As for the immediate measures to tide over the crisis- as 256 districts in 10 states, covering nearly 33 crore people or country’s 25 per cent population, have already declared drought - Javadekar said relief funds were being released to the states. Also, the budgetary allocation for irrigation schemes during the year has been raised.

But such measures mean little to the suffering millions right now. Many are on the verge of death. As a temporary measure, the Centre had sent some special water trains with about 25 lakh litres of water in each, but considering the population of the areas they are meant to serve, the effort, though meaningful, appeared grossly inadequate.

Interestingly, soon after the first train reached Latur, Aam Aadmi Party leader Arvind Kejriwal announced that the Delhi Government will also send a train to Maharashtra. Clearly, politicians will jump at any opportunity to seek popularity, even though Delhi does not have enough water to meet its own needs.

If India has to really address the issue of water inadequacy, it would also have to adopt strong population control measures for all natural resources are gradually coming under intense pressure due to increase in the number of people. The country has just 4 per cent of the world’s water resources but 17 per cent of the global population.India is also suffering from an acute problem of depleting underground water both in cities as also in the rural landscape. The reason for this are many. Union Water Resources Minister Uma Bharti recently alluded to some of them when she said most of the blocks in prosperous states like Haryana and Punjab now fall under the “dark zone”, as they have abused groundwater for irrigation. Incidentally, both these states were in the news recently with Punjab refusing to give any water to Haryana via the Satluj Yamuna Link canal, saying it had none to spare, and politicians even dug up portions of the canal to demonstrate their resolve.

Shortage of water has strained relations between many states. Be it Delhi and Haryana or Tamil Nadu and Karnataka, only long term solutions, increase in storage and a change in approach towards sharing of critical resources like water would help.

Bharti recently asked the states to identify long term solutions. She said the budget for increasing groundwater levels has been increased from Rs. 60 crore to Rs. 6,000 crore. Water Resources Secretary ShashiShekhar said the government is also drafting a model bill to guide the states on the efficient management of water. It is expected to be finalized in mid-May.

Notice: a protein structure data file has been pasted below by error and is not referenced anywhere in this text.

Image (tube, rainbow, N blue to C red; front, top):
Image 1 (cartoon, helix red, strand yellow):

Admitting that the present water crisis was very serious, he called for evolving a comprehensive strategy on water management over the next 10 years combining the elements of water storage, especially underground reserve, to avoid evaporation of the limited resource.

“Although we have monsoon for a period of 90 days every year, it is only 30-35 days when we receive rainfall actually. So we have to bear this is in mind and focus on storing water,” he was quoted as saying.

Meanwhile, a good monsoon has been predicted for the year but before that happens more urgent steps are needed

to ameliorate the sufferings of the people on an immediate basis, by sending more water trains and quickly implementing piped water projects wherever they can help. Also the dependence on monsoons-which are vital because only 46.9% of the country’s 141 million hectares of arable area have irrigation access – should be reduced through widening of the irrigation network. Someone had so ominously predicted that future wars could be over water. India should do its best to ensure this doesn’t happen.

Summary

  • The water shortage gripping parts of India is a reminder of how we have failed to evolve a national policy to manage water resources
  • Politicians have made things worse and legal battles have dragged on for decades over rights to water
  • The danger is that as parties take extreme positions, water wars could be the end result